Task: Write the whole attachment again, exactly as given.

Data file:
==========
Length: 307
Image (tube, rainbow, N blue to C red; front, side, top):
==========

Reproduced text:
Length: 307
Image (tube, rainbow, N blue to C red; front, side, top):